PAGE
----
• The door-to-door contract is for $25 or more.
  • Contracts made elsewhere like at a restaurant, hotel, or friend's place also qualify.

Sales made over the phone, or at auctions or fairs are generally exempt from this cooling off period. But you may still have some relief from these types of sales, so it's worth your time and energy to investigate.

 

After cancelling, the seller is obligated to refund your money within 10 business days, and they must pick up the items (or reimburse your cost of shipping them back) within 20 days.

Under state law, you may be allowed to cancel the following contracts which are not covered under other jurisdictions:

  • Timeshares
  • Health club memberships
  • Dating services
  • Credit repair services
  • Dance lessons (although my gosh - why would you cancel dancing lessons)!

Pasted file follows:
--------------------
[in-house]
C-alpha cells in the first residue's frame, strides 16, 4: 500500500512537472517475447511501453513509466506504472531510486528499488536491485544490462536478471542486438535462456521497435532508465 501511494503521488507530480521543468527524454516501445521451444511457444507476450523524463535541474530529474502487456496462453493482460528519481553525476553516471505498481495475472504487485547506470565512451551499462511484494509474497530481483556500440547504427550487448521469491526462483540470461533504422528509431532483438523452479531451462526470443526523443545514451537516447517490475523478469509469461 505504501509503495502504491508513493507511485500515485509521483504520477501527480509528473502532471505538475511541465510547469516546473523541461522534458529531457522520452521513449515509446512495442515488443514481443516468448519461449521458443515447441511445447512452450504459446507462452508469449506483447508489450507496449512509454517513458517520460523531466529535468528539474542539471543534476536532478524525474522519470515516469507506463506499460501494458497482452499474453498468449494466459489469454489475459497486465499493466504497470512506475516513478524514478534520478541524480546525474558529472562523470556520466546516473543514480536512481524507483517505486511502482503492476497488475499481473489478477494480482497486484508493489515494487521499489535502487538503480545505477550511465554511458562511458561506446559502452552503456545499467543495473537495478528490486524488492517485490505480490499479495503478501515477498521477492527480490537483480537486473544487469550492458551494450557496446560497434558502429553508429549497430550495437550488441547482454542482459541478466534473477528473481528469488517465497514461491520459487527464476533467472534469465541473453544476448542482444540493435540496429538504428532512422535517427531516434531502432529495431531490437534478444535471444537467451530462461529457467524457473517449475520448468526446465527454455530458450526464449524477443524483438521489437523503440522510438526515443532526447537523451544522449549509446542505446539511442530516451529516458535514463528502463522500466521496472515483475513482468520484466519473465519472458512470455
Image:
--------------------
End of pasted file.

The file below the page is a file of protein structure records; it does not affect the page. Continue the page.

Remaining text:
• Camping memberships

 

Cancelling Contracts

Although a phone call (with proper detailed records of who you spoke to and the nature of the conversation) is a legitimate way to start, you must get something in writing! Whether it is a cancellation form provided by the seller, or a formal letter written and signed by yourself confirming the conversations, make sure you retain copies of everything sent and received.

And although in this day and age email and faxes are quick and easy, it is best to send any documentation that may end up as legal evidence by good ol' snail mail.

Contract Defences

Cooling-off period or not, you may have a legitimate case for cancelling a contract under the following conditions:

  • Incapacity - If you can prove you didn’t have the mental capacity to enter into a contract, you might be off the hook.
  • Minors - Minors aren't able to enter into binding contracts in most cases.
  • Duress - Being forcibly coerced into signing a contract is grounds for nullification.
  • Fraudulent Misrepresentation - Being lied to about critical contract terms when you had to rely on their information to make your decision is illegal.
  • Unconscionability - If the bargaining process was extremely unfair or the contract terms unbearably unbelievable, it's unconscionable.

You Didn't Order It!